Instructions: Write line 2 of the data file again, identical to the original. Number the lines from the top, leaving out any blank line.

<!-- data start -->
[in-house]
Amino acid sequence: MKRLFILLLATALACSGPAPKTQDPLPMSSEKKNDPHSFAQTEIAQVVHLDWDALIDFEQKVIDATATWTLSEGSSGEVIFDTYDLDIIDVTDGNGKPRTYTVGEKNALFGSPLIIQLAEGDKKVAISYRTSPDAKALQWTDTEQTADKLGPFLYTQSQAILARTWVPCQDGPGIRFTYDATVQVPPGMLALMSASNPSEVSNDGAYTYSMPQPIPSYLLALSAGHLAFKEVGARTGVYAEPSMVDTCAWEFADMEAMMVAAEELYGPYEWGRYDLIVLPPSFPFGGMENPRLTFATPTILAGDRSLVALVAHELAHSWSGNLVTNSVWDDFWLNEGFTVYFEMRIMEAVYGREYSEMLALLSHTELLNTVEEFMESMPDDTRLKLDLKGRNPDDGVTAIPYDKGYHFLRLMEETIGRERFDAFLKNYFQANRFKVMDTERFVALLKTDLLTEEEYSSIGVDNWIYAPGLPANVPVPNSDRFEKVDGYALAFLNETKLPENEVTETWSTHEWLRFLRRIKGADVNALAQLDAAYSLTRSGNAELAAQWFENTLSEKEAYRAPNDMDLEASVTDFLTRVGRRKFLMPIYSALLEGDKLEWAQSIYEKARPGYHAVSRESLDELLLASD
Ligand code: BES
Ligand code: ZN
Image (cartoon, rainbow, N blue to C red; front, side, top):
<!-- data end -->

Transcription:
Amino acid sequence: MKRLFILLLATALACSGPAPKTQDPLPMSSEKKNDPHSFAQTEIAQVVHLDWDALIDFEQKVIDATATWTLSEGSSGEVIFDTYDLDIIDVTDGNGKPRTYTVGEKNALFGSPLIIQLAEGDKKVAISYRTSPDAKALQWTDTEQTADKLGPFLYTQSQAILARTWVPCQDGPGIRFTYDATVQVPPGMLALMSASNPSEVSNDGAYTYSMPQPIPSYLLALSAGHLAFKEVGARTGVYAEPSMVDTCAWEFADMEAMMVAAEELYGPYEWGRYDLIVLPPSFPFGGMENPRLTFATPTILAGDRSLVALVAHELAHSWSGNLVTNSVWDDFWLNEGFTVYFEMRIMEAVYGREYSEMLALLSHTELLNTVEEFMESMPDDTRLKLDLKGRNPDDGVTAIPYDKGYHFLRLMEETIGRERFDAFLKNYFQANRFKVMDTERFVALLKTDLLTEEEYSSIGVDNWIYAPGLPANVPVPNSDRFEKVDGYALAFLNETKLPENEVTETWSTHEWLRFLRRIKGADVNALAQLDAAYSLTRSGNAELAAQWFENTLSEKEAYRAPNDMDLEASVTDFLTRVGRRKFLMPIYSALLEGDKLEWAQSIYEKARPGYHAVSRESLDELLLASD